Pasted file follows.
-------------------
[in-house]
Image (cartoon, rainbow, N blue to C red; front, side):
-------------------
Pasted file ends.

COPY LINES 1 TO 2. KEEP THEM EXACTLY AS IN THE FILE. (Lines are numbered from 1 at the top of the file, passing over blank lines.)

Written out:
[in-house]
Image (cartoon, rainbow, N blue to C red; front, side):